Child bullying has been growing rapidly. In 2015, 40% of child suicides in Indonesia happened because of bullying. Most of them happened in school. On average, roughly 67.9 percent of senior high school students, and 66.1 percent of juniors in big cities in Indonesia claim to have been victims of either verbal or physical abuse. Statistics from Indonesia’s child protection commission indicates that such incidents among children are on the rise – they more than doubled from 2,178 reported cases in 2011 to 5,066 in 2014.

What it does

Djook school monitoring will be installed on an existing surveillance camera in Middle School and High School with a pre-installed camera monitoring system in 5 cities in Indonesia with a high rate of physical bullying. This system will notify the school and the parents of the targeted bully act via Facebook Messenger when one of the surveillance cameras recognized a violent activity.


At Djook, we believe privacy is a fundamental human right and so much of the personal information. To respect the school privacy about who, when, and how the bully happened at school it will remains stored on each school local server. The information about the students, bully act and the Djook software itself will be host internally by the school in their system. Under all of the students parents and school consent, Djook will only collect pictures of bully act and its school feedback in order to improve Djook machine learning model.

How I built it

Djook has 2 different interfaces: facebook messenger and the camera monitoring dashboard. The camera monitoring dashboard will take live video on each installed camera to be shown on its web interface build with React. The web will send the sliced frame of its video with a certain amount of time interval to the recognition service to get the context of whether the activity recorded on the camera has any violence activity. The recognition service will take 2 contexts from the image: whether the image is labeled violence and who is being targeted in the activity. If true it has violence the service will broadcast a message to its registered stakeholders based on its recognition context via Facebook Messenger.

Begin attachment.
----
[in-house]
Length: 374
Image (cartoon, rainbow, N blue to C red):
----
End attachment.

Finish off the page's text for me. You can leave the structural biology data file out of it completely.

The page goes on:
Challenges I ran into

  • The difficulties to reproduce violence activity to test the trained machine learning model.
  • Processing video with time interval sliced frame may lose the information of activity that happens in between 2 frames.
  • Finding the specially trained model and/or dataset to detect violence activity.

Accomplishments that I'm proud of

  • We have the system up and running during the hackathon and successfully sending messages on Facebook Messenger using Laptop webcam as the "surveillance camera".

What I learned

  • At first, we tried to train an open source PyTorch model for violence activity using our dataset. This is actually my first time working with PyTorch and Facebook messenger API and I learn what possible and what don't. Then we decided to use computer vision services provided by AWS and GCP (Amazon Rekognition and Google Cloud Vision)

What's next for Djook

  • We will try to find out how to make the video to be optimized analyzed using machine learning.
  • Handling multiple cameras to recognize any violence activity with real-time response.

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